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Tom Petty estate sent Trump cease and desist for using 'Won't Back Down' at Tulsa rally

“We believe in America and we believe in democracy. But Donald Trump is not representing the noble ideals of either," the late singer's family said.
Tom Petty And The Heartbreakers Perform at RBC Bluesfest
Tom Petty of Tom Petty and the Heartbreakers performs on Day 10 of the RBC Bluesfest on July 16, 2017 in Ottawa, Canada.Mark Horton
/ Source: NBC News

Tom Petty’s estate requested President Donald Trump no longer play the late singer’s music after “I Won’t Back Down” was heard at the president’s Tulsa, Oklahoma, rally Saturday night.

Trump’s team was “in no way” authorized to use the song during his rally, Petty’s estate said in a statement released on the singer’s Twitter page. Petty, who died in 2017 at the age of 66, wrote the song for the common man and would not have approved of its use in Trump’s campaign, the estate said.

“We want to make it clear that everyone is free to vote as they like, think as they like, but the Petty family doesn’t stand for this,” the statement said. “We believe in America and we believe in democracy. But Donald Trump is not representing the noble ideals of either.”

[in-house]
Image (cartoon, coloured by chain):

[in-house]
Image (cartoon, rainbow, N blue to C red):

The singer’s family said they sent a cease and desist letter to the Trump campaign to prevent any further use of Petty’s music.

“We would hate for fans that are marginalized by this administration to think we were complicit in this usage,” the family statement said.

Image: Singer Tom Petty Performs in Concert
Singer Tom Petty, playing the guitar, performs on stage during a 1981 concert.George Rose / Getty Images

The Trump campaign did not immediately respond to a request for comment from NBC News.

Petty's estate joins a growing list of artists that do not support the president and have demanded not to be played at Trump events, including Rihanna and The Rolling Stones.

Last year, Prince’s estate shared a 2018 letter from Trump’s team acknowledging that the late artist's music would not be played at the president's rallies. The release came after "Purple Rain" was heard at a Trump campaign event in Minneapolis, despite the letter stating they would not play Prince’s music.